“Chairman Ajit Pai and two Republican commissioners voted to approve the deal while two Democratic commissioners voted against it, the sources said. The text of the approval order is not expected to be released until later in the month. The deal to combine the third and fourth largest U.S. wireless carriers, which has been fighting for government approval since April 2018, still faces a lawsuit brought by a group of state attorneys general, headed by New York.”
MONEY ON THE HILL
— Rep. Elijah Cummings (D-Md.) dies. The Post's Jenna Portnoy and Antonia Noori Farzan: "Elijah E. Cummings, a Democratic congressman from Maryland who gained national attention for his principled stands on politically charged issues in the House, his calming effect on anti-police riots in Baltimore, and his forceful opposition to the presidency of Donald Trump, died early Thursday morning at Johns Hopkins Hospital, the Associated Press reported. He was 68.
"After undergoing an unspecified medical procedure, the Democratic leader did not return to his office this week, the Baltimore Sun reported. A statement from his office said that he had passed away due to 'complications concerning longstanding health challenges.'"
— Uber and Lyft blow off the Hill: “Uber and Lyft decided to skip a congressional hearing aimed at examining their safety and labor practices, to the aggravation of members of the committee who are threatening to press ahead regardless with new legislation,” my colleague Faiz Siddiqui reports.
“The two companies have come under increased scrutiny in recent months over their treatment of drivers and their efforts to keep passengers safe, prompting a House Transportation subcommittee to call a hearing and urge the companies to testify on the future of ride-hailing. That prompted Transportation Committee Chairman Peter A. DeFazio (D-Ore.) to say during the hearing that the panel will press ahead with legislation that could encompass safety and labor for transportation network companies, or ride-hailing companies, with or without their cooperation.”
— Lawmakers pressed to take action on e-cigs: “Some public-health experts urged lawmakers … to pass legislation aimed at curtailing the use of e-cigarettes, particularly in teenagers and young adults, while others cautioned that such steps could backfire,” the WSJ’s Thomas M. Burton reports.
“A House bill would ban flavors in all tobacco products and prohibit advertising e-cigarette use to youths, among other steps. It comes amid a wave of about 1,300 recent U.S. respiratory illnesses linked to vaping and after the Trump administration said it intends to ban flavored e-cigarettes.”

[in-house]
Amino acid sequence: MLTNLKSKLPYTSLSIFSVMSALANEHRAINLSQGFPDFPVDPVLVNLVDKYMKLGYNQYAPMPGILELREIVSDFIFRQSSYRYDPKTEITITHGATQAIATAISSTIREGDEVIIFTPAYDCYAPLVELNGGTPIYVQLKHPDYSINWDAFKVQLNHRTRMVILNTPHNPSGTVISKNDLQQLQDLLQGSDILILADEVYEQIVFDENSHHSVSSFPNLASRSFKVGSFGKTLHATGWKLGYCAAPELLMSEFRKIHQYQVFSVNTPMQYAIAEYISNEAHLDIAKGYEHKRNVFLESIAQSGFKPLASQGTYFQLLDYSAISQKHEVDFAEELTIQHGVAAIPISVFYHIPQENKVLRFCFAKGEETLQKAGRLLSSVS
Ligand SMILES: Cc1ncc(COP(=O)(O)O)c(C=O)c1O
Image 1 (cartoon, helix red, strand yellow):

— 'Absolutely worthless': Dems rip CFPB director. American Banker's Kate Berry and Neil Haggerty: "Consumer Financial Protection Bureau Director Kathy Kraninger faced a barrage of questions Wednesday from lawmakers on the House Financial Services Committee covering everything from the agency's constitutionality to why it has not demanded refunds for consumers in recent settlements.
"The Democrats came to the hearing with proverbial guns blazing, issuing a 333-page report that accused the CFPB under Kraninger of leaving "consumers high and dry" because of its failure to require remediation in several recent settlements. 'If the consumer bureau can’t get relief for consumers who have been harmed — and you admit they’ve been harmed — then what are you doing?' asked Rep. Carolyn Maloney, D-N.Y., early in the hearing. 'If you’re not following direction from your staff to help consumers that are harmed, then you are absolutely worthless.'" Maloney later apologized for the remark.
— Responsible investing group calls for new pressure on Congress, SEC. Principles for Responsible Investment, which advocates for socially responsible investing, is writing its 510 U.S. signatories, urging them to lean on policymakers to stop the Trump administration’s regulatory rollbacks and advocate instead for “urgently-needed sustainable financial policy reforms,” per the group. “Despite its dominant role in the global financial industry, the United States — at a federal level — remains a glaring outlier when it comes to the growing global policy consensus surrounding sustainable finance,” PRI CEO Fiona Reynolds writes in the letter.
- E*Trade, Morgan Stanley, Phillip Morris, Union Pacific, Skechers USA and BB&T Corp. are among the notable companies to report their earnings, per Kiplinger.
- The Senate Banking Committee holds its hearing on the CFPB’s report, Kraninger will testify.
- A Financial Services subcommittee holds a hearing on the impact of stock buybacks.
- A House Small Business subcommittee holds a hearing on opportunity zones and small businesses.
- The Tax Policy Center holds an event on cryptocurrency and tax administration, featuring remarks by IRS chief counsel Michael Desmond.
- Coca-Cola and American Express the notable companies to report their earnings, per Kiplinger.
From The Post's Tom Toles: